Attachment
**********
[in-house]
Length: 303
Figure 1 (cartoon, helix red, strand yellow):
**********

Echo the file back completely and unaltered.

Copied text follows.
[in-house]
Length: 303
Figure 1 (cartoon, helix red, strand yellow):